Stop Looking for Work-Life Balance
- October 28, 2019
- Posted by: Philip Struble
- Category: Uncategorized
Wouldn’t be great to have a perfect separation of our working world and our personal life such that we can have the best of both without one negatively affecting the other?
Yes, it would be great, but it’s a fairy tale.
The Myth of the Work-Life Balance
There are at least four significant reasons that the perfect work-life balance is not only unachievable, but it’s not even beneficial.
First, work is incorrectly cast as the enemy of your personal life and that you need to survive the drudgery of work so you can finally race home to have fun. Work is not just something you have to do, and your personal life is how you recover from work
Second, to strive for a work-life balance presupposes that our working life and our personal life are opposites and that somehow it’s possible to have a division between each. Don’t we think about our personal life while working and think about our work when we are relaxing?
Third, thinking of work-life as a balance indicates that there is a zone you can get in where everything is okay. Sort of a number on the scales where it’s good and to tilt to one side or the other is not-so-good. Isn’t our work and our personal lives fluid and constantly changing with new demands and opportunities occurring daily?
Lastly, who said work and personal life was to be balanced in the first place?
A Balanced Life
Isn’t what we are looking for a balanced life?
We want a life where our working world melds seamlessly into our personal life, and we can enjoy both. That the balance is not like a checkbook where we can reconcile all the debits and credits, but is a philosophical framework of our satisfaction of how we are meeting all our obligations and commitments.
Here are several ideas that when applied, will help ensure that our lives are coherent and sustainable.
- Accept that work and personal life is not separable. I’m an engineer, and when we go on family vacations, I’d always look at how things are designed in other places. My kids picked up on that, and we’d make a game out of it.
- Let others know the stress you would be under to separate work and personal life. Recognize that there are times when work will interfere with your personal life, and vice-versa. Set boundaries with those you work with so they know when it is appropriate and not appropriate to intrude.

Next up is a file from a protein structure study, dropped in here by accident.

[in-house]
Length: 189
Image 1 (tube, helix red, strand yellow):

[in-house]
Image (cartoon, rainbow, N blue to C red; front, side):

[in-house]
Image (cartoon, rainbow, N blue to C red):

- Understand your purpose. Once you discover that your work is part of your purpose and that you are passionate about your purpose, then there are no working hours.
- Quality versus quantity. The things you do need to be about are quality, not quantity. Quality time is always better than time in bulk. A little time with good friends and quality clients is better than going to a reception with several hundred potential contacts.
- Set your priorities. Practice self-discipline in following priorities. If time with family is a priority, then all electronic devices are off, and your focus needs to be with them. While we only have one life to live, we need to make the most out of each moment and be where we need to be and doing the things we need to do.
Living a life of combined work commitments and personal needs sounds difficult and challenging. How can we consistently follow our passion through our work yet lead a personal life with friends and family? Well, the answer is found in many places in the Bible.
Jesus is the embodiment of combining His work and personal life. In fact, it is nearly impossible to discern where one ends and the other starts. An example of this is told in a story of when Jesus was a 12-year old kid (Luke 2:41-52).
Jesus’s family had gone to Jerusalem to celebrate the Passover, and as they traveled home, His parents discovered Him missing. They rushed back to Jerusalem and found Him sitting among the religious teachers in the Temple. When questioned, Jesus answered.
Why were you searching for me?” he asked. “Didn’t you know I had to be in my Father’s house? (Luke 2:49)
It was a family vacation, and Jesus was busy preparing for his earthly ministry.
What we need is not to have a work-life balance, but to integrate the two, so we can follow our work passions with priorities that allow us to enjoy both our time at work and our personal time.